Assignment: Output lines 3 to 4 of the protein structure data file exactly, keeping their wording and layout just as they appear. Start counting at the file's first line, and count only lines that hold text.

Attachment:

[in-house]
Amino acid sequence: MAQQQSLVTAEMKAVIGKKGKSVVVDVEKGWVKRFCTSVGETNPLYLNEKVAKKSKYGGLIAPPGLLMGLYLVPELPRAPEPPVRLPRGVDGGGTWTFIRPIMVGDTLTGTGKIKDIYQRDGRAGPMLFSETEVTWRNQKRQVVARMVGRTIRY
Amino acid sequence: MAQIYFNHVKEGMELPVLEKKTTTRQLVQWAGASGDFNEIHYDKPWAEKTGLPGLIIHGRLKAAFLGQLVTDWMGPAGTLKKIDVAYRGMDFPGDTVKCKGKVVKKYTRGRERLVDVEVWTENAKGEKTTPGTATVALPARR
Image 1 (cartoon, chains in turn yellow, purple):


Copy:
Amino acid sequence: MAQIYFNHVKEGMELPVLEKKTTTRQLVQWAGASGDFNEIHYDKPWAEKTGLPGLIIHGRLKAAFLGQLVTDWMGPAGTLKKIDVAYRGMDFPGDTVKCKGKVVKKYTRGRERLVDVEVWTENAKGEKTTPGTATVALPARR
Image 1 (cartoon, chains in turn yellow, purple):